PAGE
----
At the time, Scearce noted, much pressure was being put on the council by the Citizens Advisory Recovery Team, a group of business people put together primarily by Rohr and Joplin Area Chamber of Commerce President Rob O'Brian.

Scearce, who expressed reservations about the contract, said he had been hopeful everything would work out, "We wanted this to be successful. It they had been, this city would be better," but he added, "I've been critical of David Wallace and his non-performance for quite a while."

Video- Amarillo TV coverage of Wallace-Bajjali shutdown

The city of Joplin wasn't the only city affected by the sudden implision of Wallace-Bajjali Development Partners. This video features Amarillo television coverage of what happened in Joplin and what it will mean for Amarillo where Wallace-Bajjali was involved with the development of the downtown area.

Jake Zimmerman to run for attorney general

(From Jake Zimmerman)

Pledging to fight for fairness and equal treatment for all Missourians, Jake Zimmerman today announced that he will officially enter the race for Missouri Attorney General. As Missouri’s top law enforcement official, Zimmerman said he would draw on his experience as a former prosecutor, lawmaker, and the current St. Louis County Assessor to advocate for crime victims, consumers and taxpayers.

“Everyone has a right to fairness, regardless of whether you’re a millionaire or a single mom who is just trying to make ends meet,” Zimmerman said. “Whether it’s prosecuting corporations that are cheating their customers, or cracking down on casinos and developers who are trying to avoid paying their fair share of taxes, I’ve dedicated my career to fighting to make sure people are treated equally under the law. It’s a fight I want to continue as Missouri’s Attorney General.”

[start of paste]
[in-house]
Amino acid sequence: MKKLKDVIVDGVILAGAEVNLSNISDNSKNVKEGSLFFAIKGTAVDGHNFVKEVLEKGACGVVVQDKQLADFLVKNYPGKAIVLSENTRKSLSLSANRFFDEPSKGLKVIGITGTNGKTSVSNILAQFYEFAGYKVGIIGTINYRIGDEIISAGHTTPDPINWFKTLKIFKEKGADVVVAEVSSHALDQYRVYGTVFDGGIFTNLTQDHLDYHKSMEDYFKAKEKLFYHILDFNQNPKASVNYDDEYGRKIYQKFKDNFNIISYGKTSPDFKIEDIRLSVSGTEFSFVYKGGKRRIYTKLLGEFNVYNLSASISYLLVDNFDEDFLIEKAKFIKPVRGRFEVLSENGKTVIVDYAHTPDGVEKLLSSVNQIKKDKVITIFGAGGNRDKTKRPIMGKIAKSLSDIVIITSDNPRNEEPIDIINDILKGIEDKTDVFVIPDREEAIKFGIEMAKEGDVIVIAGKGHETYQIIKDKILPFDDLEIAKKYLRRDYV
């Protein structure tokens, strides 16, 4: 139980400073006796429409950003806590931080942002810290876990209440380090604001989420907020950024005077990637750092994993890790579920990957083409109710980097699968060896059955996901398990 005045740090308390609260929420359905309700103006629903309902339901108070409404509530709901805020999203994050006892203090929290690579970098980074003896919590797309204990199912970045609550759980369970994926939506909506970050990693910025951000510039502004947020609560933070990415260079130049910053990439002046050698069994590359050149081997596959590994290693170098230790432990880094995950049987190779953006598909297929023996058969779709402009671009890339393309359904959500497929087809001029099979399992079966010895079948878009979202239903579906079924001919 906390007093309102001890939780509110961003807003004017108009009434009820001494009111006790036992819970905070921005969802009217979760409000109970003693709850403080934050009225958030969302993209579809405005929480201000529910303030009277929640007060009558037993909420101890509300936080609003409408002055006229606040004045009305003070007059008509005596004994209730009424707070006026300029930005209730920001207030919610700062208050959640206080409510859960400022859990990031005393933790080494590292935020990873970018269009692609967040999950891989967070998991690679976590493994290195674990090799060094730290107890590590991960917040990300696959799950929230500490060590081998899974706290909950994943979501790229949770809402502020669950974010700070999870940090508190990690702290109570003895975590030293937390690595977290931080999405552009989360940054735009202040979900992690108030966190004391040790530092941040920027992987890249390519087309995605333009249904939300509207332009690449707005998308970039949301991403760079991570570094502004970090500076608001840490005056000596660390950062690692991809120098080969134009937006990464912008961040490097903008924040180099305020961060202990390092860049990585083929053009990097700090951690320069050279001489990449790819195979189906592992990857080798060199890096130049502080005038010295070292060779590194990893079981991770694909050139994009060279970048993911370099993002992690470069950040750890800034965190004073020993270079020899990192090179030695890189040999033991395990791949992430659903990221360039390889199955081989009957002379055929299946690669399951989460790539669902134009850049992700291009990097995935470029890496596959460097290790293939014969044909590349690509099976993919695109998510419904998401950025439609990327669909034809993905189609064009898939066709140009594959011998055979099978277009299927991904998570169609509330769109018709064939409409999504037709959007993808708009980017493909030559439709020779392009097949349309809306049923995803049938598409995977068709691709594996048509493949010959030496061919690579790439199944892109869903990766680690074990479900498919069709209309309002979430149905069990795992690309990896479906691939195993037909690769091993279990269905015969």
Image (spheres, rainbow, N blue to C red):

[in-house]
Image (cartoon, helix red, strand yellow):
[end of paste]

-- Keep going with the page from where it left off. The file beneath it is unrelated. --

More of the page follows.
Monday, January 26, 2015

City of Amarillo official statement on Wallace-Bajjali shutdown

The city of Joplin is not the only one that is being affected by the sudden collapse of Wallace-Bajjali Development Partners.

The following news release was issued by the City of Amarillo, Texas, where Wallace-Bajjali had been the master developer of a downtown project, backed its way out of most of it and was still supposed to be building a $14 million parking garage with city money.

Based on the developments regarding Wallace Bajjali Development Partners, LP vacating their offices in Joplin, MO., and related information gained throughout the day, the Amarillo Local Government Corporation (LGC) is in contact with its legal counsel to determine a proper response. The LGC anticipates meeting as early possible to address these concerns.

In the meantime, the LGC wishes to confirm that the contract related to the development of the Convention Center Hotel is with Newcrest Image and construction will proceed as scheduled. The recently approved contracts on the Convention Center Parking Garage allow for the continuation of the construction of the garage so that it will be open in time to support the hotel.

The construction and prompt completion of the Multi-Purpose Event Venue (MPEV) – commonly referred to as the ballpark – remains a priority for the LGC. The Amarillo LGC remains committed to all three projects and looks forward to their successful conclusion.

City of Joplin Official Statement on Wallace-Bajjali exit

(From City of Joplin)

Today the City received an email from Costa Bajjali that confirmed his resignation from Wallace Bajjali Development Partners, LP, as of January 23, 2015. Also included in the correspondence was a copy of David Wallace’s resignation letter, dated January 7, 2015, from this same firm. Prior to receiving these notices, the City was unaware of either representative’s actions, other than third party information it had received last week about the Joplin offices of Wallace Bajjali being closed.